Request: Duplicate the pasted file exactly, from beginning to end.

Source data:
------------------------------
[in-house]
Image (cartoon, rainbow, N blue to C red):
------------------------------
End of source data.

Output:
[in-house]
Image (cartoon, rainbow, N blue to C red):